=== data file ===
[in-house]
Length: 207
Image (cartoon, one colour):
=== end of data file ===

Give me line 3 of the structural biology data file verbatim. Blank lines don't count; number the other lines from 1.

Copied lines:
Image (cartoon, one colour):